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The easy alternative to financial literacy
Conservative savers' interests are best served by limiting themselves to a very short list of investments and ignoring everything else.
By Dhirendra Kumar | Jul 1, 2019
In recent weeks, there has been a spate of news articles about people who have invested in 'private debt placement,' and have lost all or most of their money. As one would expect, the news articles contain claims from savers that the agents who sold them this 'private debt' made promises of high returns and perfect safety, while the agents claim that the investors were made aware of the risks beforehand and that the paperwork makes it clear that the debt was not secured and that there were no guarantees. Some of these agents are private wealth management businesses of well-known financial brands including some banks.
I'm sure that the intermediaries have protected themselves adequately from a legal standpoint. After all, keeping oneself legally protected while selling dubious products is a core competence of the financial industry - in a sense that is what the business actually is. Clearly these people are smarter than the teak-plantation-emu-farming proponents as well the Saradhas of the country.
From what I've seen and heard, it's clear that the typical customer in such transactions is quite unequipped to evaluate the risk level of the deal that they are getting into. In some cases, interest rates of 20 per cent per annum were promised. If anyone believes that an interest rate of 20 per cent will be paid for a deposit, and the principle and interest will be paid back as expected, then this itself disqualify one from investing. Conventionally, in most such discussions about scams, the solution that is offered is financial education because the problem is identified as a lack of financial literacy.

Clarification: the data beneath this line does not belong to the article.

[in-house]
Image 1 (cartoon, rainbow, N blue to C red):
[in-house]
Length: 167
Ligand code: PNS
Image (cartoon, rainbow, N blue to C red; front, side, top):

Based on my observation, those selling such products actively seek out the financially illiterate. Some years ago, Microsoft Research published a paper titled 'Why do Nigerian Scammers Say They are from Nigeria?' The answer to the question is obvious. If you send a scam email which sounds too ludicrous to be believed by any but the most gullible, then those who respond to you will by definition be really, really gullible people. The implausibility of the claim will itself act as a filter. Similarly, if you are selling a debt product that promises 20% a year with 100% safety, then you can be certain that only the completely financially non-literate will be interested, making your task easier.
Perhaps my argument has painted me into a corner because this is beginning to look like a circular problem. It's easy to see why: basically, people who are not financially literate do not know that they are not financially literate. If 20% looks like a reasonable return to you, especially in a story narrated by an expert salesperson, then that's it. You have no way of knowing that it's a highly unlikely interest rate.
One possible way that such a decision can be made is to not have to make a decision. That makes the financial literacy task much easier. It's difficult to formulate a set of rules that try to define what would be an avoidable investment and then hope that everyone can understand and implement such rules. That leaves the field open to a whole world of artful companies and salespeople to invent newer ways of separating people from their money.
What does a list of acceptable investments look like? Such a list should basically consist of the PPF and other sovereign deposits and bank FDs for those who want absolute safety at the cost of some returns and tax efficiency. I would also say liquid funds but this list is for those who are not confident of their financial knowledge.
To such a safety-first portfolio, high returns are better added with 20-30 % of hybrid mutual funds rather than adding risk with dodgy debt products. The problem with suspect debt products is that they offer somewhat higher returns, but if they don't work, then typically, the entire principal is lost. That's the worst of all worlds. Instead, it's better for a conservative investor to aim for absolute safety with 60-80 per cent of their savings and then add a well-regulated product like equity or hybrid mutual funds for extra returns.
In principle, instead of people trying to apply rules and recognise the negatives, it's better to have a short list of positives, i.e., savings and investment vehicles that are acceptable and ignore everything else. It's hard luck for those who are trying to sell anything else, but better to have hard luck for them than for savers.